Some dictionaries and encyclopedias still define “fascism” as a far-right system of rule. They need to look again.

The Party of self-righteousness,
Imbued with far-left chatter.
Deeds implemented and condoned,
Rungs on the fascist ladder.




Beware of those
Who do not care.

The heritage
Our founders chose.
Beware of all
Who are opposed.

The bedrock,
To speak our piece.
Beware the hour
It could cease.



Mainstream Media

The MSM has plainly made
Regime change its objective.
Sheer bias thoroughly pervades
Its wholly false invective.

It gave up objectivity
For stark one-sided views.
And its entrenched proclivity
To not report the news.



Mr. Winick recently started writing poetry at nearly age 65, after ending a long legal career. He resides in Naperville, Illinois.

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28 Responses

  1. Joe Tessitore

    Very brief, very powerful, and very much to the point.

    A wake-up call if there ever was one.

  2. Julian D. Woodruff

    The 4th estate’s entrenched proclivity to not report the news”: a potentially lethal blow to government by, for, and of the people. Fair warning, Mr. Winick. Thanks!

    • Russel Winick

      Thank you. I never imagined, while reading Orwell’s novels as a high school sophomore 50 years ago, that living in my country would ever begin to mirror what he wrote about.

      • Julian Woodruff

        Is what happened to Germany in the ’20s and ’30s happening to us?

  3. Elizabeth Valerie Wyler

    Good Morning! The 3rd poem (Mainstream Media) is my favorite because it gave me a strong emotional reaction. No one is perfect, including Trump. However, if you listen to CNN and MSN, their “news” consists almost ENTIRELY of anti-Trump stories, which line up like planes on a runway. A new one takes off every other minute. I suspect that TDS (Trump Derangement Syndrome) is a job requirement to be employed by CNN and MSN. If an employee becomes cured of TDS, perhaps s/he can go out on disability? Or, maybe s/he is just simply fired.

    • Margaret Coats

      “Planes on a runway, with a new one taking off every other minute” is quite an effective image for this phenomenon!

    • Russel

      Thank you Elizabeth. Today’s cancel culture is vastly different than anything commonly advocated back in my (long ago) liberal days. Scary on many levels.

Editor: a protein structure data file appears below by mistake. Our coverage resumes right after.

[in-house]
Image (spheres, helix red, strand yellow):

4. Cynthia Erlandson

    Good poems, with originality in meter and structure. I especially like that you point out the misuse and abuse of the word “fascism”. I’ve noticed so much language abuse lately, in wrong definitions of the words “justice” and “protest” (used to mean riots, for instance); “science” (so often used by those who don’t know what it is); “essential” (who gets to decide?); “diversity” (excluding those with whom the left disagrees — and anyway, why is it better than unity?) “Fact-checker” now means censor; “emergencies” now last indefinitely; “love” often means perversion. Thank you for these poems.

    • Sally Cook

      Absolutely.People used to know that words mean things; that truth is truth. Today most all is lies, of which the devil is the prince.

      • Cynthia Erlandson

        Thank you, Sally. This is why we who love words have to keep writing.

  5. Susan Jarvis Bryant

    Russel, these three succinct and perspicacious poems say so much about the misconceptions many have in these duplicitous days. I love the way you’ve used this creative medium to make a huge point in an engaging and educative way. I may well print them off and pop them in my pocket in anticipation of my next contentious political encounter. 😉 Thank you and well done!

    • Russel Winick

      Thank you Susan – that means a lot, considering how much I’ve enjoyed your work!

  6. Margaret Coats

    Short, effective poems like these can provide good talking points or memorable mottos. I’m going to remember “rungs on the fascist ladder.” Best wishes for a lengthy poetic career, Mr. Winick.

  7. David Paul Behrens

    The heading for this post begins with “A Poem on the Real Definition of Fascism.” I completely understand the sentiments behind this set of poems and I generally agree, but we must rely on common definitions of the words we use in order to communicate. This is why we have a dictionary, which I regard as the Bible of Communication. We cannot go around making up our own definitions or else communication will ultimately be lost. Therefore, in order for the definition of “fascism” to be real, it must be in the dictionary.

    • C.B. Anderson

      But don’t forget, D.P., that the dictionary does not prescribe, but only DE-scribes, when it comes to meaning and pronunciation.

    • Russel Winick

      Mr Behrens – you are right. All definitions currently limited to “right wing” should be revised to reflect reality. Thanks.

  8. David Paul Behrens

    In the realm of political philosophy, the extreme right wing is fascism and the extreme left wing is communism. Both extremes are totalitarian dictatorships and therefore intolerable.

  9. Julian D. Woodruff

    Webster’s 3rd is descriptive, which we like: because meanings change, don’t they? (We just have to do our best to see that they change the way we want, right?) Webster’s 2nd is prescriptive, so bad (except for folks like my parents): use the words the way we used ’em back then, e.g., “comprehensive health care for women.”

  10. Rod Walford

    If I were the subject of your poems Russel, I would consider myself hit squarely on the head – and fairly too. Great work !

  11. David Watt

    Russell, you have made your point effectively, with a minimum of words.
    It’s so true that the MSM presents anything but real news.


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